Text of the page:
Dana Lammers is a 2014 graduate of the WWCC EV program.  He was the Vineyard Manager at Eritage Vineyards for nine years before recently moving to Knights Grapevine Nursery where he supports growers all over Washington and parts of eastern Oregon in their quest to grow the best grapes. He also farms his own vineyard, RockBar, in the Rocks District. 

Steve Greentree: Can you please update me on some basic information, including your date of graduation from the EV program, current employer and position, social media handles, and preferred contact details? 

Dana Lammers: I graduated in 2014 and managed Eritage Vineyards from just before I graduated until recently when I took the Washington Sales Rep position for Knights Grapevine Nursery, a nursery out of Olivehusrt, California.  My email address is dana@knightsgrapevinenursery.com  

SG: How did you get into wine? 

DL: When I was a kid living in Montana, we had a few Concord vines that my dad planted on the south edge of the house when I was a baby.   Those vines were the only ones that could survive in the cold Montana winters.  My mom made jam with most of the grapes but my dad did try to make wine a few times but always struggled—it usually turned out like vinegar. I do recall one year he actually made really good wine, but then he wanted it a little sweeter so we added sugar and bottled it and soon after we left for a vacation to Disney World.  When we came home from Disney, all the bottles had exploded, so not a great experience.  

I went to college at Gonzaga and met a lot of people from California there–I even spent a summer down in the Napa Valley where I was introduced to their wines.  I received an academic scholarship from Va Piano Winery while at Gonzaga, so I got a chance to do wine tastings when they came up to the college which introduced me to Washington wine.  I got into home brewing with a few of my friends and near the end of college, we rented a house on the south side of Spokane which had these huge 40-year-old unknown variety grape vines in the backyard, so I thought if I can make beer, I should try making wine, and you know, it was pretty good. 

After college, I went back to Montana and worked at my family’s ranch for a few years and when the family decided to sell it, I knew it was time for a new career.  I was thinking of studying to become a lawyer or get into the wine industry.  My dad said to me, “I don’t think you really want to be a lawyer–you need to look at making your vacation your vocation.”  In the end, I decided to come to the EV program at WWCC and try my hand in the wine industry.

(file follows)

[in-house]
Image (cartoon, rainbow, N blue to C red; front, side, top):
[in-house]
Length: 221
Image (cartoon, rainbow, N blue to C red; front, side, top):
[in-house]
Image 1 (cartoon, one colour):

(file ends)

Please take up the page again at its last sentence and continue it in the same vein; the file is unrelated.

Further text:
SG: Is there someone in the EV world that you admire, including fellow EV alums? 

DL:  You know, one person I definitely admire for what they’ve built is Jason Fox from Lagana Cellars.  He was in the class ahead of me in the EV program, and after finishing school, he’s been able to diversify into several aspects of the industry—owning and making wine for Lagana, helping other people make wine—doing custom crush—as well as compliance consulting.  He is the real deal. 

SG: What’s special to you about working in the wine industry? 

DL:  I think that, particularly in the Walla Walla Valley, the wine industry is such a community in which all of us try to help each other. I have seen so many examples of this I am glad to be a part of this community.  

SG: What is your favorite part of your job? 

In my new job as a nursery rep, I really like meeting with growers in different areas and hearing about the interesting projects that they’re currently doing or ones they are thinking about.  I also love being at the ground floor to help them build the vineyard project that they envision.  

SG: What are some of the challenges you’ve faced in the industry? 

DL: As you know, I’ve only been in the new job for about six weeks so don’t have the challenges in this segment down yet, but as a vineyard manager, the biggest challenge was the ups and downs of the grape-growing business.  I believe it is more difficult to just be in the grape growing business—without making your own wine—and remain a consistent viable business. 

We’ve had periods when there is a glut of grapes where it is particularly difficult to sell all your grapes.  Other times mother nature makes it difficult with weather—freezes, hail, and other conditions can cause you to have a diminished crop or lose it altogether. Its farming, so there is risk. 

SG: What do you think differentiates and excites you about Washington wine?